It’s not simply memory or nostalgia. Rather, it is a triggering of the senses that awakens reaction, muscle memory, feeling, sensation, emotion. Perhaps it’s the closest we get to time travel as we are transported backwards through time to catch glimpses of what were, perhaps, the moments that defined us. We may not have known at the time but those would be the moments that would remain, imprinted on our souls.

The view from the window

God knows, there are worse views. From high up in the village, our house looks southwest over the orange village rooftops and beyond. Below us lies the whitewashed church, perched on its own hill in the centre of the village, and beyond, up on the next hill, two picturesque windmills and the green field below where white and chestnut horses peacefully graze. I can’t see the river, but the hills of Portugal are almost within touching distance and the river runs between them and the village.

Home Feature

It’s like a scene from a Hollywood movie, a cardboard cutout of an idyllic southern European village. Imagine Mama Mia, or Chocolat, or Jeremy Irons in the final scene of Damage.

It’s just as well that it’s such a pleasant view. Since September I have been staring at that view for more time than I ever could have imagined. To coincide with moving into the house (indeed, because of moving into the house) I slipped a couple of discs in my lower back, leaving me severely incapacitated. I can’t walk very much, I can’t do most of the things I love to do. All those things that draw me to life in the village and the things that make me feel part of village life are, for the moment, out of reach. It’s a strange and unpleasant feeling to be in the village and yet not in the village.

But I have the view. Despite the picture postcard quality of the place, I know this is no cardboard cutout. Behind those pretty whitewashed walls and under those orange roof tiles there is love and laughter, joy and sorrow. And in the hills beyond, the seasons bring change, there are lambs and rock roses and wild flowers.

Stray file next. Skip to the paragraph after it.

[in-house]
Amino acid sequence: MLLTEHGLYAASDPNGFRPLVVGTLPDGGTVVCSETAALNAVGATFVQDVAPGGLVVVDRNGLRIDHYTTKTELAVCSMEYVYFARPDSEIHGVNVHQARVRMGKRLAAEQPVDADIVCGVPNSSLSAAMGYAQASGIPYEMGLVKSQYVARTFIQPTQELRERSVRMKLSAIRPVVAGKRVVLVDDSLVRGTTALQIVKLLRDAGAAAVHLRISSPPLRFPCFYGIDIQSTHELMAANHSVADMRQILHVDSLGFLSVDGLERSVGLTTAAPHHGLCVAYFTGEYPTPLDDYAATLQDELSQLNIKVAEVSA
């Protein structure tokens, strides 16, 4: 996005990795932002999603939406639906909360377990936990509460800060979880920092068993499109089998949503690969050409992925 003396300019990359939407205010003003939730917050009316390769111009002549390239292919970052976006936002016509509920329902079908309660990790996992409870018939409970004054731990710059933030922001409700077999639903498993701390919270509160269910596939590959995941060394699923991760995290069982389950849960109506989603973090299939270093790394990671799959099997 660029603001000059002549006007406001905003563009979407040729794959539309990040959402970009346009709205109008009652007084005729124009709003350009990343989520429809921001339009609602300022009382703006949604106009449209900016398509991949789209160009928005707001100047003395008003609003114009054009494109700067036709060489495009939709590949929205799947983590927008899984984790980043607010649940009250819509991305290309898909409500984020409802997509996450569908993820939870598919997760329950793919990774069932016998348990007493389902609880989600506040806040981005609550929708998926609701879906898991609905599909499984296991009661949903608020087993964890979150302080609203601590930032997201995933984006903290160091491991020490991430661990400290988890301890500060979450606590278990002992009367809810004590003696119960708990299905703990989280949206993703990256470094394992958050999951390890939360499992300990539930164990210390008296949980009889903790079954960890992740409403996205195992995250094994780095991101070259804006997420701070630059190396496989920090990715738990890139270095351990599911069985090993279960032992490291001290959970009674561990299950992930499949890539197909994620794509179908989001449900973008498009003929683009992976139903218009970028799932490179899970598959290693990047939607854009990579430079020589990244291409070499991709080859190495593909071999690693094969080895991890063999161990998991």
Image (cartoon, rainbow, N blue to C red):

I am reminded of (though in no way compare myself to) Seamus Heaney’s poem Field of Vision* as I sit looking out on the view from my office desk or from the sitting room. For almost six months I have watched the seasons change, the parched sun-baked golden brown of summer giving way to the bright rain-fed greens of winter and spring. I’ve watched the sky, the bright blue empty sky, and the immense clouds sometimes bringing torrential showers of rain. These mornings I look down on fog, an inversion over the river, like steam rising from a witch’s cauldron.

The changing life of the village is harder to observe from this remove. Like those subtler changes in the landscape, one has to be in the village, rather than observing it from afar, to understand and appreciate its changing moods. I cherish those rare occasions these days, when I get out, when I feel sociable enough to be a part of village life again for an hour or two.

I long for a time when I can once again take a carefree stroll down to the bar and have a coffee or beer with whoever happens to be around, chat with my neighbours when we pass on the street, be spontaneous in my socializing. And I long to get beyond the village, to take long walks in the hills again, to be nose-to-nose with wild flowers, to row across the river in my little red dinghy and walk the smuggler’s trail in Portugal.

I am optimistic that all those things will come my way again. I expect I’ll appreciate them all the more for the months I have spent merely observing life through the frame of my front window.

*Field of Vision
Seamus Heaney

I remember this woman who sat for years
In a wheelchair, looking straight ahead
Out the window at sycamore trees unleafing
And leafing at the far end of the lane.

Straight out past the TV in the corner,
The stunted, agitated hawthorn bush,
The same small calves with their backs to wind and rain,
The same acre of ragwort, the same mountain.

She was steadfast as the big window itself.
Her brow was clear as the chrome bits of the chair.
She never lamented once and she never
Carried a spare ounce of emotional weight.

Face to face with her was an education
Of the sort you got across a well-braced gate —
One of those lean, clean, iron, roadside ones
Between two whitewashed pillars, where you could see

Deeper into the country than you expected
And discovered that the field behind the hedge
Grew more distinctly strange as you kept standing
Focused and drawn in by what barred the way.